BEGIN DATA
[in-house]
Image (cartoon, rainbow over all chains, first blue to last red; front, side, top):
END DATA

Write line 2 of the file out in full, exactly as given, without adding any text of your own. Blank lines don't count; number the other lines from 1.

Image (cartoon, rainbow over all chains, first blue to last red; front, side, top):